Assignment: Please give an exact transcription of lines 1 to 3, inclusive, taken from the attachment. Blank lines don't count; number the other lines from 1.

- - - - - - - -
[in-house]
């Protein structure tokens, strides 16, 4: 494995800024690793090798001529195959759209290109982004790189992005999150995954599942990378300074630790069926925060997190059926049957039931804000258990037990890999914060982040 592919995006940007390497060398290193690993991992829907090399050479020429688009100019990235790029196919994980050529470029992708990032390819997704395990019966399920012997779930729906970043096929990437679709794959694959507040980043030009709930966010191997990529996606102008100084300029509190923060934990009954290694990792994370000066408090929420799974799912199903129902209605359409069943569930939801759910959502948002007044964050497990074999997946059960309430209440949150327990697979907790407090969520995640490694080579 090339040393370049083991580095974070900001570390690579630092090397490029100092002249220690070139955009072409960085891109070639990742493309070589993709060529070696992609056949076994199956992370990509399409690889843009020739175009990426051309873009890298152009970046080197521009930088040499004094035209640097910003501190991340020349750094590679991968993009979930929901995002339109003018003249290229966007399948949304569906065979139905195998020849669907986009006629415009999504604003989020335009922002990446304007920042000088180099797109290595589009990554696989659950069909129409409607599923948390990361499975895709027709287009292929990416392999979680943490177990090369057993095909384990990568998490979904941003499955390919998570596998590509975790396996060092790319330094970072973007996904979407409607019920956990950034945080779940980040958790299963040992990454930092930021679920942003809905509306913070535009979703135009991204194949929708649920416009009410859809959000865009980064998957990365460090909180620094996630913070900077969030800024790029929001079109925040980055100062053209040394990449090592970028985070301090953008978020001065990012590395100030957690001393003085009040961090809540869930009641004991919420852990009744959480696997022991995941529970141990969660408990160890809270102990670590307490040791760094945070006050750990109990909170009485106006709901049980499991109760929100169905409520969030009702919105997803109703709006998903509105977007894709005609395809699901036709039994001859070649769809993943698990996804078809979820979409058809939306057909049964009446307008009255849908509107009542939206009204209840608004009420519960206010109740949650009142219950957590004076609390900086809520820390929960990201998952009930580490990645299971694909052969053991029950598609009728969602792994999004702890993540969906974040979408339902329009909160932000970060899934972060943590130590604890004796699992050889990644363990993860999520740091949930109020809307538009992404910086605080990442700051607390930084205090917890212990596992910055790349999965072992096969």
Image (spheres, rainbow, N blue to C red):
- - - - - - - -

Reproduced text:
[in-house]
């Protein structure tokens, strides 16, 4: 494995800024690793090798001529195959759209290109982004790189992005999150995954599942990378300074630790069926925060997190059926049957039931804000258990037990890999914060982040 592919995006940007390497060398290193690993991992829907090399050479020429688009100019990235790029196919994980050529470029992708990032390819997704395990019966399920012997779930729906970043096929990437679709794959694959507040980043030009709930966010191997990529996606102008100084300029509190923060934990009954290694990792994370000066408090929420799974799912199903129902209605359409069943569930939801759910959502948002007044964050497990074999997946059960309430209440949150327990697979907790407090969520995640490694080579 090339040393370049083991580095974070900001570390690579630092090397490029100092002249220690070139955009072409960085891109070639990742493309070589993709060529070696992609056949076994199956992370990509399409690889843009020739175009990426051309873009890298152009970046080197521009930088040499004094035209640097910003501190991340020349750094590679991968993009979930929901995002339109003018003249290229966007399948949304569906065979139905195998020849669907986009006629415009999504604003989020335009922002990446304007920042000088180099797109290595589009990554696989659950069909129409409607599923948390990361499975895709027709287009292929990416392999979680943490177990090369057993095909384990990568998490979904941003499955390919998570596998590509975790396996060092790319330094970072973007996904979407409607019920956990950034945080779940980040958790299963040992990454930092930021679920942003809905509306913070535009979703135009991204194949929708649920416009009410859809959000865009980064998957990365460090909180620094996630913070900077969030800024790029929001079109925040980055100062053209040394990449090592970028985070301090953008978020001065990012590395100030957690001393003085009040961090809540869930009641004991919420852990009744959480696997022991995941529970141990969660408990160890809270102990670590307490040791760094945070006050750990109990909170009485106006709901049980499991109760929100169905409520969030009702919105997803109703709006998903509105977007894709005609395809699901036709039994001859070649769809993943698990996804078809979820979409058809939306057909049964009446307008009255849908509107009542939206009204209840608004009420519960206010109740949650009142219950957590004076609390900086809520820390929960990201998952009930580490990645299971694909052969053991029950598609009728969602792994999004702890993540969906974040979408339902329009909160932000970060899934972060943590130590604890004796699992050889990644363990993860999520740091949930109020809307538009992404910086605080990442700051607390930084205090917890212990596992910055790349999965072992096969």
Image (spheres, rainbow, N blue to C red):